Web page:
The @khamenei_ir account, which tweets the thoughts of Iran’s supreme leader in English to 952,000 followers on Twitter, took 17 days to acknowledge the latest unrest in the country. In the weeks after Amini’s death, the account mused on the causes of the Iran-Iraq War in the 1980s, discussed relations with China and ruminated on the virtue of patience. Finally, on Oct. 3, it addressed the violence, using the #MahsaAmini hashtag that supporters of the protests had set up. Khamenei blamed the uprising on “schemes designed by the US; the usurping, fake Zionist regime; their mercenaries; & some treasonous Iranians abroad who helped them.”

Twitter and Meta have sporadically taken down content and suspended regime-linked accounts, often after users have reported them for violations of the platforms’ terms of use. Both companies are known to apply their policies differently for high-profile political leaders, typically giving them more leeway to break the rules. (Then-US President Donald Trump’s Facebook and Twitter accounts were suspended in January 2021 following the attack on the Capitol by his supporters, but both have since been reinstated.) Critics say there are strong moral and practical arguments against doing this. Faced with social and political pressure, tech companies have invested in trying to reduce the amount of “inauthentic activity,” hate speech and other dangerous posts on their platforms. This effort has often meant a focus on bots, fake accounts and less overt espionage. But official accounts play an important role in the disinformation ecosystem. The overt and covert components of information operations often overlap and intersect, with narratives seeded on social media eventually amplified and legitimized on state-owned media.

One attempt to force the major platforms to shut down the Iranian regime’s official accounts has already failed. It was initiated by Rumi Parsa, an Iranian-born corporate lawyer living in California, who says he was outraged to find the ayatollah and members of the IRGC on Instagram and Twitter. Parsa approached Twitter and Meta—which owns Instagram, where Khamenei has more than 5 million followers across several accounts—to ask them to consider banning the ayatollah and related accounts. “I actually begged,” he says. “People are getting killed.”

When the platforms declined to take action, he sued. The case, filed in California, claimed that by letting Khamenei and other Iranian officials use their platforms, the social media companies were providing services to the regime in breach of sanctions. It also claimed that they had breached their own terms of use by allowing the ayatollah to post antisemitic hate speech and calls to violence. The @khamenei_ir account—and others in Arabic, French and Spanish—has previously presented statements that can be interpreted as direct threats against Israel and the US and as attacks on Jewish people. The account has also been accused of inciting last August’s assassination attempt against Salman Rushdie in Chautauqua, New York. In 2019 it reaffirmed the 1989 fatwa by the previous supreme leader, Ayatollah Khomeini, which ordered Rushdie’s execution after the publication of his novel The Satanic Verses. Twitter briefly limited the account’s ability to post after that tweet, but Khamenei remained on the platform.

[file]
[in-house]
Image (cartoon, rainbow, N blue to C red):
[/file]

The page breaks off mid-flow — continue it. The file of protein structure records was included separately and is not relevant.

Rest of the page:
In January, Parsa had to withdraw the suit. He failed to establish standing in federal court, meaning he couldn’t prove he had sufficient personal connection to the alleged harms. Along with Section 230, this is a common challenge for people taking American tech companies to court. The bar for proving harm is very high.

Without help from the platforms, activists have had to play a kind of whack-a-mole against individual accounts or seek changes to policies around more specific kinds of material. They’ve won small victories. In January, after two years of campaigning, they managed to persuade Facebook’s oversight board, an independent body that examines moderation decisions, to recommend overturning a ban on the phrase “marg bar Khamenei”—a common Farsi expression in protest posts that translates literally as “death to Khamenei” but actually means “down with Khamenei.” Later that month, they persuaded Instagram to block a counterprotest hashtag they say has been used to spread disinformation. (It remains on Twitter.)

Shafipour says activists are growing more adept at identifying and countering the regime’s attacks online. “We both hurt each other,” she says. They are winning small victories, getting individual things suspended or policies changed, and there are still protests happening online and offline, in Iran and in foreign capitals. The regime hasn’t won in cyberspace yet. But by continuing to amplify its messages, she says, tech companies are keeping the fight that much more asymmetrical.

Things on Shafipour’s side are getting tougher, too, she says. Since Elon Musk took over Twitter last year, the teams in charge of moderation and safety have been decimated, and it’s now much tougher to get the company to suspend accounts that spread lies or post videos of forced confessions. Twitter has even made it easier to spread misinformation, she says: By selling the blue check marks that signal verification, it has allowed bad actors to buy the appearance of authenticity.

“A lot of cyber army [accounts] from the regime have a blue mark now,” Shafipour says. “It can really change the game against us.”

Source » bloomberg